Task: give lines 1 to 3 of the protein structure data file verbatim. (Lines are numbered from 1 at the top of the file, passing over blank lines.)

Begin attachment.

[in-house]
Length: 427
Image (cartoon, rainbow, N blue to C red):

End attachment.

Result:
[in-house]
Length: 427
Image (cartoon, rainbow, N blue to C red):